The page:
Shaky Stock Market A Signal Obama Should Reconsider Veto Threat On Red Tape Relief

In his final State of the Union Address, with a sinking stock market as backdrop, President Barack Obama said, “I think there are outdated regulations that need to be changed. There is red tape that needs to be cut.”

Sure you do. Where’s the list?

The red tape taunt came right after the president’s promise to veto a modest new congressional action on regulatory reform that happens to be the only low-hanging fruit as far as economic liberalization is concerned.

Contemporary proposals differ, but the bipartisan Regulatory Review Commission that H.R. 1155 or “SCRUB” (Searching for and Cutting Regulations that are Unnecessarily Burdensome Act) creates would assemble a package of rule reductions. The left of center Progressive Policy Institute endorsed a similar approach to “scraping barnacles.”

SCRUB would further require agencies issuing new rules to offset burdens with reductions elsewhere (“Cut-go”). Obama likes cap-and-trade, but not when it’s government power being capped.

It was Democratic Sen. Mark Warner who proposed one-in, one-out in the Washington Post in 2010, but someone got to him and he stopped talking about it. Still, even far-left NPR fawned over a Canadian version of one-in, one-out in Summer 2015. There’s also a British version. A superior version of one-in, one-out from Sen. Dan Sullivan in his RED Tape Act would constrain agencies’ guidance documents and memoranda, since growing regulatory dark matter like this also surreptitiously constrains the wealth-creating sector.

So while partisan preferences naturally differ, SCRUB’s core elements boast longstanding bipartisan appeal. Conditions couldn’t be more optimal for the president to negotiate before Senate action — if he were serious about red tape.

For context, 2015 just ended with a 80,206-page Federal Register

In calendar year 2015, Congress passed and the president signed just 87 laws, while agencies issued 3,408 rules and regulations.

Obama’s veto threat is dismissive of these private sector burdens; “You didn’t build that” anyway, so no inventory of significant cuts for you.

Recognize the obvious: Obama could care less about cutting red tape since he prefers government management of ordinary private affairs: health care, higher education, energy policy, the Internet, wages, manufacturing hubs and other R&D.

To this worldview, the only red tape is the Constitution, which denies such all-encompassing power by establishing a federalist republic. Obama and his “pen and phone that goes it alone” is willing to cut red tape after all, just not in the way one normally defines it.

So let’s walk through the White House “Statement of Administration Policy” announcing a veto of SCRUB and see how the reasons hold up, particularly given that the stock market seems to be weighing in on the economy as well.

“The Administration is committed to ensuring that regulations are smart and effective, and tailored to further statutory goals in the most cost-effective and efficient manner.”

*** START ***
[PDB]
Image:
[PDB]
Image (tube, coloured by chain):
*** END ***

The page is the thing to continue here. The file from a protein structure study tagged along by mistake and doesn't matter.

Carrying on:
No such commitment exists to establish cost-minimization procedures across hundreds of disparate agencies. In fact nothing is known about the cost effectiveness of the modern regulatory state, and any evidence we do see is usually months overdue.

The 2015 Draft Report to Congress on the Benefits and Costs of Regulations finally appeared October 16, 2015, months overdue (these normally appear in March). There is still no final edition, and it’s nearly time for the 2016 draft. The draft 2015 edition claims overall benefits of up to $22.8 billion for fiscal year 2014 executive agency rules, but is invalid since only 13 rules had Office of Management and Budget reviewed cost-benefit analyses. The year before that? Seven, and 14 the year before that. Claiming net benefits for the regulatory enterprise based on a handful of rules when thousands exist does not clarify, it obscures. It also fabricates.

Independent agency rules — the hundreds coming from the Dodd-Frank financial law, and sweeping rules like the Federal Communications Commission’s net neutrality order, and so on — aren’t reviewed at all by the Administration, and get aggressively imposed in spite of such concerns.

As for rules being “tailored to further statutory goals,” the president brags of his “pen and phone” and acting without Congress; such a phase can issue from an Executive Office of the President, just not this one.

“The retrospective review of regulations has been an ongoing priority of this Administration. Starting in 2011, the President institutionalized the retrospective review of regulations in Executive Orders 13563 and 13610, requiring agencies to report twice a year on the status of their efforts.

H.R. 1155, the Searching for and Cutting Regulations that are Unnecessarily Burdensome Act, would make the process of retrospective regulatory review less productive.”